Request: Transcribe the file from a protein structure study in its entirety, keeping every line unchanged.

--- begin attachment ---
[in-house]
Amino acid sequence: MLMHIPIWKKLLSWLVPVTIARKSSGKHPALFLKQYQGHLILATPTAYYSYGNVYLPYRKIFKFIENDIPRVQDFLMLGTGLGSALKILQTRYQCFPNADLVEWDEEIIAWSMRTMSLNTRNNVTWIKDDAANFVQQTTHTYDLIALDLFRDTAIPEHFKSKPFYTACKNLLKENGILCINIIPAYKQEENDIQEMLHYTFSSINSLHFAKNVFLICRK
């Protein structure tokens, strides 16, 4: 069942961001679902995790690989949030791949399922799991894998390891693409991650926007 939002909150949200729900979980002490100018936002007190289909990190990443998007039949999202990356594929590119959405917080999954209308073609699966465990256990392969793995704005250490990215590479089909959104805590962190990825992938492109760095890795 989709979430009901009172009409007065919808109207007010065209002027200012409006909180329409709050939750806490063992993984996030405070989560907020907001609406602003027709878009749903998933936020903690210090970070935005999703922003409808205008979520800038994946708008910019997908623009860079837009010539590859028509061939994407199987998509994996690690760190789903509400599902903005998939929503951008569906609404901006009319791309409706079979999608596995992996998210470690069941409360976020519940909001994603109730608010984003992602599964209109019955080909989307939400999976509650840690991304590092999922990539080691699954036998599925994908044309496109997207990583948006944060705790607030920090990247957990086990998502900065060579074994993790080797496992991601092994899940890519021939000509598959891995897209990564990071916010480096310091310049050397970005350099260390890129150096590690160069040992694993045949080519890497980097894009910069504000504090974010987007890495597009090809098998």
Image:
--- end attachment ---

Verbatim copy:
[in-house]
Amino acid sequence: MLMHIPIWKKLLSWLVPVTIARKSSGKHPALFLKQYQGHLILATPTAYYSYGNVYLPYRKIFKFIENDIPRVQDFLMLGTGLGSALKILQTRYQCFPNADLVEWDEEIIAWSMRTMSLNTRNNVTWIKDDAANFVQQTTHTYDLIALDLFRDTAIPEHFKSKPFYTACKNLLKENGILCINIIPAYKQEENDIQEMLHYTFSSINSLHFAKNVFLICRK
């Protein structure tokens, strides 16, 4: 069942961001679902995790690989949030791949399922799991894998390891693409991650926007 939002909150949200729900979980002490100018936002007190289909990190990443998007039949999202990356594929590119959405917080999954209308073609699966465990256990392969793995704005250490990215590479089909959104805590962190990825992938492109760095890795 989709979430009901009172009409007065919808109207007010065209002027200012409006909180329409709050939750806490063992993984996030405070989560907020907001609406602003027709878009749903998933936020903690210090970070935005999703922003409808205008979520800038994946708008910019997908623009860079837009010539590859028509061939994407199987998509994996690690760190789903509400599902903005998939929503951008569906609404901006009319791309409706079979999608596995992996998210470690069941409360976020519940909001994603109730608010984003992602599964209109019955080909989307939400999976509650840690991304590092999922990539080691699954036998599925994908044309496109997207990583948006944060705790607030920090990247957990086990998502900065060579074994993790080797496992991601092994899940890519021939000509598959891995897209990564990071916010480096310091310049050397970005350099260390890129150096590690160069040992694993045949080519890497980097894009910069504000504090974010987007890495597009090809098998």
Image: